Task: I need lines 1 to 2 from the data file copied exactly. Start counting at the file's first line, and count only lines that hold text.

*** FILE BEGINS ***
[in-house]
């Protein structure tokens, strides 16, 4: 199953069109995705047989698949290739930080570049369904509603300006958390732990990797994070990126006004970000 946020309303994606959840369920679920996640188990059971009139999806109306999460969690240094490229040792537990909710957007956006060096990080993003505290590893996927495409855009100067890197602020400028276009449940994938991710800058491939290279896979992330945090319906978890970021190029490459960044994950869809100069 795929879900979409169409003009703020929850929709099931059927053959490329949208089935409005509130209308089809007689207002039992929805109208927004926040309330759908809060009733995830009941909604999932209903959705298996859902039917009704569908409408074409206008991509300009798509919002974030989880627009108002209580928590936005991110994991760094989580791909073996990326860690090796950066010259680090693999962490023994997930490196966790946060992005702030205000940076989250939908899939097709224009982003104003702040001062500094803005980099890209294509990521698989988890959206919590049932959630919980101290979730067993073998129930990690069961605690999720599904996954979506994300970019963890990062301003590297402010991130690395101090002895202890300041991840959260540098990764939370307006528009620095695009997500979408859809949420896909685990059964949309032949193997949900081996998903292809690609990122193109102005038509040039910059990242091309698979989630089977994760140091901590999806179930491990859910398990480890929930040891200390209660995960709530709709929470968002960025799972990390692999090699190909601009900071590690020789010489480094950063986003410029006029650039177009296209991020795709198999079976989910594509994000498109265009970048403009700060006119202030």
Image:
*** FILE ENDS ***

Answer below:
[in-house]
């Protein structure tokens, strides 16, 4: 199953069109995705047989698949290739930080570049369904509603300006958390732990990797994070990126006004970000 946020309303994606959840369920679920996640188990059971009139999806109306999460969690240094490229040792537990909710957007956006060096990080993003505290590893996927495409855009100067890197602020400028276009449940994938991710800058491939290279896979992330945090319906978890970021190029490459960044994950869809100069 795929879900979409169409003009703020929850929709099931059927053959490329949208089935409005509130209308089809007689207002039992929805109208927004926040309330759908809060009733995830009941909604999932209903959705298996859902039917009704569908409408074409206008991509300009798509919002974030989880627009108002209580928590936005991110994991760094989580791909073996990326860690090796950066010259680090693999962490023994997930490196966790946060992005702030205000940076989250939908899939097709224009982003104003702040001062500094803005980099890209294509990521698989988890959206919590049932959630919980101290979730067993073998129930990690069961605690999720599904996954979506994300970019963890990062301003590297402010991130690395101090002895202890300041991840959260540098990764939370307006528009620095695009997500979408859809949420896909685990059964949309032949193997949900081996998903292809690609990122193109102005038509040039910059990242091309698979989630089977994760140091901590999806179930491990859910398990480890929930040891200390209660995960709530709709929470968002960025799972990390692999090699190909601009900071590690020789010489480094950063986003410029006029650039177009296209991020795709198999079976989910594509994000498109265009970048403009700060006119202030």